The National Health Law Moot Court Competition is sponsored by Southern Illinois University School of Law, Southern Illinois University School of Medicine, Department of Medical Humanities, American College of Legal Medicine, and American College of Legal Medicine Foundation.
This year's competition will be held Nov. 7-8, 2014.
The sponsors’ goal for the competition is “to develop the art of appellate advocacy and to encourage research in the growing field of health law and ethics.”
Day students who have completed their first year and evening students who have completed their second year.
Applications to join Suffolk Law's National Health Law Moot Court Team are accepted during May and June annually. To apply, submit résumé, law school transcript, writing sample and oral argument DVD (if available) to LPS administrative assistant Patricia Miceli via email or by hand.
Factors considered in selecting team members include:
- law school GPA;
- successful performance in LPS and Constitutional Law;
- interest in health law;
- interest in brief writing and oral advocacy; and
- ability to commit significant amount of time to the team in August and September for brief writing and in October for oral argument practice.
In addition, consideration will be given to an applicant’s commitment, experience, professionalism, and ability to work collaboratively. In evaluating capacity for collaborative work, consideration will be given to factors such as experience working with teams in employment or academic settings, or successful completion of Problem Solving course or similar coursework.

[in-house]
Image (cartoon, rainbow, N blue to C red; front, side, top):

Some applicants will be invited for an interview. The team will be selected in late July. The team will consist of 2-3 members. Although Suffolk Law typically enters one team in the competition, on occasion more than one team may be selected.
Opportunities for Team Members
- Work collaboratively as part of a team.
- Plan and write an appellate brief.
- Develop coherent legal theories and persuasive arguments to support an advocacy position.
- Receive oral advocacy feedback from diverse faculty and practitioners.
- Possible academic credit (2 credits).
All of the work involved requires a significant amount of collaboration among team members.
The competition problem is released in early August.
The first part of preparation is to produce a U.S. Supreme Court brief, which is due in late September. The brief is worth 40 percent of the competition score. The brief score is merged with oral argument scores. A strong brief is essential for a team to advance beyond the first day of the competition.
After submitting the brief, team members collaboratively prepare for the oral argument part of the competition. Preparation requires: strategy meetings and practice sessions by team members; practice sessions with co-advisors; and practice sessions with alumni and faculty volunteer judges. At least three practice sessions a week are held in October. The goal is to work continuously to refine and improve both the content and delivery of the oral arguments through this intensive month-long preparation.
The first weekend in November, the team travels to Carbondale, Ill., for the oral argument competition.